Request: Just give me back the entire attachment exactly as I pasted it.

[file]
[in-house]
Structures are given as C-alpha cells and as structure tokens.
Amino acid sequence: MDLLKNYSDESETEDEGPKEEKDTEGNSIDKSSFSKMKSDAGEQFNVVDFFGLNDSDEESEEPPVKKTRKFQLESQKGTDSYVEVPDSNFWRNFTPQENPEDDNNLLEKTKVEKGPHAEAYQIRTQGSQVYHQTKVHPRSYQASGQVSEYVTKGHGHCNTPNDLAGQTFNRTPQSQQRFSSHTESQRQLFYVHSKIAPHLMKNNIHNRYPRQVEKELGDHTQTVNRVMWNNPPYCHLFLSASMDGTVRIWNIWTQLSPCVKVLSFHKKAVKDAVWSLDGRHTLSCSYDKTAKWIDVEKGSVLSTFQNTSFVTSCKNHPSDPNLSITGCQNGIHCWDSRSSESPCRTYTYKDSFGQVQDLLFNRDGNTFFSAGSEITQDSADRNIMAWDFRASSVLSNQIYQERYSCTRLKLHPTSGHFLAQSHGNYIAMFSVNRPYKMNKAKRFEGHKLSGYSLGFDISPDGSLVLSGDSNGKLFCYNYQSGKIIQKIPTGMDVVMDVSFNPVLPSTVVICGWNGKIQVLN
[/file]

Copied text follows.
[in-house]
Structures are given as C-alpha cells and as structure tokens.
Amino acid sequence: MDLLKNYSDESETEDEGPKEEKDTEGNSIDKSSFSKMKSDAGEQFNVVDFFGLNDSDEESEEPPVKKTRKFQLESQKGTDSYVEVPDSNFWRNFTPQENPEDDNNLLEKTKVEKGPHAEAYQIRTQGSQVYHQTKVHPRSYQASGQVSEYVTKGHGHCNTPNDLAGQTFNRTPQSQQRFSSHTESQRQLFYVHSKIAPHLMKNNIHNRYPRQVEKELGDHTQTVNRVMWNNPPYCHLFLSASMDGTVRIWNIWTQLSPCVKVLSFHKKAVKDAVWSLDGRHTLSCSYDKTAKWIDVEKGSVLSTFQNTSFVTSCKNHPSDPNLSITGCQNGIHCWDSRSSESPCRTYTYKDSFGQVQDLLFNRDGNTFFSAGSEITQDSADRNIMAWDFRASSVLSNQIYQERYSCTRLKLHPTSGHFLAQSHGNYIAMFSVNRPYKMNKAKRFEGHKLSGYSLGFDISPDGSLVLSGDSNGKLFCYNYQSGKIIQKIPTGMDVVMDVSFNPVLPSTVVICGWNGKIQVLN